Seventeen Turkish nationals who entered Greece illegally through the island of Rhodes have asked for asylum, saying their lives are in danger in Turkey, the gerçekgündem news website reported on Wednesday.
Three women, four children and 10 men, including five academics, were reported to Greek police by a person who saw them in the Glyfada area of the island early on Tuesday morning.
The asylum seekers were taken to the Rhodes Police Station after requesting protection.
The United Nations High Commissioner for Refugees (UNHCR) said in a statement in June that the agency is deeply concerned by continued reports about alleged pushbacks and refoulement at the land border between Greece and Turkey.
“Such allegations of informal forced return have been recorded before, and it is of vital importance that the Greek authorities investigate them thoroughly,” said UNHCR Representative in Greece Philippe Leclerc.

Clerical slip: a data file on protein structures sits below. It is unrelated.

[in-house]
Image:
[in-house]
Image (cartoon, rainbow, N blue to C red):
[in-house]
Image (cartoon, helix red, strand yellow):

“If confirmed, this is extremely worrying. The right to seek and enjoy asylum is a fundamental human right.”
“UNHCR has raised this issue with the Greek authorities, calling also for preventive measures against such practices, including clear rules of process at the border, independent monitoring mechanisms, and enhanced internal control structures,” the statement read.
Journalist Murat Çapan, who had been sentenced to 22.5 years for two news stories, is among those who were recently forced by a group of masked Greek men to cross the river back to the Turkish side.
The Hellenic League for Human Rights (HLHR) said on June 6 that Greek police continue illegally handing over Turkish asylum seekers to Turkey, a policy that results in “lambs to the slaughter.”
In a separate statement on June 7, Nils Muiznieks, the Council of Europe’s commissioner for human rights, said he is also concerned about reported collective expulsions from Greece of asylum-seeking Turkish nationals.
“I urge the Greek authorities to cease immediately the pushback operations and uphold their human rights obligation to ensure that all people reaching Greece can effectively seek and enjoy asylum,” he said.
“No doubt Greece has been under immense migratory pressure in recent years. … However, even in particularly challenging situations, states cannot resort to practices – such as collective expulsions – which are not in compliance with the European Convention on Human Rights and the non-refoulement principle enshrined in the UN Refugee Convention,” he maintained.